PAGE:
Do You Have A Healthy Filter?
Recently, someone I know told me about her upcoming dream trip to Thailand. Soon after I heard about the trip, a highly publicized terrorist attack occurred there. If I did not have a filter, I could have said “Are you still going, even after the terrorist attack?” Instead, I held the space for her excitement about the trip, which she deserved from me.
It’s Not You, It’s Me
So often we believe that expressing our opinion and thoughts is something to be proud of and something to embrace. And in many instances, this is true.
Speaking up can be an indication of finding our own voice, but we need to check in and determine if we are rationalizing our way of speaking out. Often when we start to speak up for ourselves, we swing to the opposite extreme, becoming very vocal, even when our comments are unwarranted.
Even if we have had many years of practice of expressing our needs, it can still be hard to determine the difference between ignoring our own needs and being careful of others’ needs.
When we are at the beginning of our journey of acknowledging, expressing, and honoring our own feelings and needs, then this may be particularly difficult. However, there are a few helpful ways to know whether we truly need to say what we think and feel at this particular moment in time.
Awareness In The Moment
Becoming aware of what we say is the only antidote to not yucking on someone else’s yum. We must get very clear with ourselves about the reason we are saying something.
Of course, this is easier said than done. Here are some questions that we can use to help us to think over our past conversations, as well as to guide us going forwards:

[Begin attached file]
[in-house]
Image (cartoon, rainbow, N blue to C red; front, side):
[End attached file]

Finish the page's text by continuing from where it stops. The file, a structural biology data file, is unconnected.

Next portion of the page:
- Is it true, and is it kind? If it’s not kind, or even with a kind intention, then we don’t need to say it. (Think of the Thailand example – why would we really want to ask someone if she is still comfortable with going? Because we are worried for her safety, or because we want to prove that we “know better”, thereby making our own ego stronger?)
- Is it truly helpful? Has the other individual requested our opinion or suggestion, or are we giving it to them unsolicited?
- Are we rationalizing that what we have to say is for the other person’s own good? Or is our ego or our need to be “right” prompting our comment, and if so, is this more important than our loved one’s need to be happy?
We can honor another’s space and allow them to enjoy their “yum” when we pay attention to our own motivations and intent for speaking.
If you struggle with defining the lines between voicing your own needs and respecting another’s, and it is creating difficulties in your relationship, it may be helpful to speak to a licensed psychotherapist about finding the right balance.
At Nassau Guidance & Counseling, we are dedicated to providing the space for you to discover your voice, while still appreciating others around you.
We work with individuals, couples, and families in a safe and caring environment, helping people to handle the everyday stresses of relationships. We are happy to speak to you and welcome the chance to help you become happier in all facets of your life.